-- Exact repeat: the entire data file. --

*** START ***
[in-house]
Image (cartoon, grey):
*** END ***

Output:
[in-house]
Image (cartoon, grey):